Hello! Welcome to my second post. Before we get started, I need to ask you to, if you haven’t already, follow me on my social media accounts. I am in the market for representation, and being able to list my media accounts to Agents and Publishers helps me more than you can imagine! I know it’s annoying to hear every time, but it’s very important, and the best way you can show support! Please feel free to cross post or share any of my social media posts to your followers as well!
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My Writing Process
In My first blog post I said that my next post would detail some behind the scenes details on Afflicted, as well as insights into my writing process and style. After beginning to write this and realizing that my writing style alone is long enough to be an entire post, I’ve decided to stick to that and go in depth on Afflicted in the near future. Here goes nothing! I haven’t taken any courses or anything, so my process is 100% my own and, like my projects, is constantly evolving the more experience I get.
How ‘in depth’ I go into a project depends on the beginning, because if I chased after every stick my mind threw at me I’d be running in circles forever! I usually think of a scenario in logline form, and a character. From there, I’ll try free-writing a chapter and see how it feels. If I’m into it, I will spend some more time thinking about the development of the idea – what is it, where is it going, why is it going there, who is involved, and the major story goals to achieve. For example, one of my Active Projects; Shadow’s Edge, started as a free-writing chapter in a café and, honestly, is probably one of the best most fluid pieces I’ve ever done on a whim. Once I start going, I find it easy to expand the story.
Thought Process & Outline Planning
I equate writing a novel to building a house. The 1st draft is always going to ‘suck’, because the first draft should, in my opinion, just be you getting the story on to paper…building the foundations, so to speak. Each draft after is built upon those foundations, and eventually you have a brand spanking new house! Similarly, when I am planning out an idea, I like to get the broad story beats and their location first, before almost ‘filling in the blanks’ in between those beats. As I’ve said above, I only really do an outline if I know an idea can survive the first chapter. My outlines come in three different areas – story, novel, chapter. My story outline is not rigid, and has a lot of wiggle room for future ideas and evolution. My novel outline is a microcosm of my story outline in that it includes the main story beats, the areas, and plotlines, and the main goals of the novel for the plot and characters. The chapter outline is my ‘fill in the blanks’ space, where I take the novel outline and really dive deep into each individual chapter and how it progresses the plot and characters, while fitting into the overall narrative and outline. It is only after I finish this and have laid out, in Scrivener, each chapter by name, with an overview and notes, that I can really start writing the novel properly.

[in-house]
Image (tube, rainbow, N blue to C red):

I was once told that the average novel should be 100,000 words…pish to that, I say. A novel should be however many words it takes to tell its story. Afflicted Part One runs in at 235,000 words, and that’s with over 50,000 words of content cut and/or pushed into later releases or Free Fiction short stories down the line. Is this attitude going to hurt me in the beginning on the hunt to get an Agent? Probably! But goddammit, I’m doing this and I’m doing it my way. Erherm…anyway…rant over……..I do not consign myself to word limits. The story takes as long as it takes. Saying this, with regards to chapter lengths, I try and keep most of them around the same length in any given book. Some chapters that have the big story beats or action set pieces are often about 50% longer than normal.